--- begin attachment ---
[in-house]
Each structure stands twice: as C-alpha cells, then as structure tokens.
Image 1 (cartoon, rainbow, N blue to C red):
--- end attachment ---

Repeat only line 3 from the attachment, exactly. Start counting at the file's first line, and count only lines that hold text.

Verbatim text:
Image 1 (cartoon, rainbow, N blue to C red):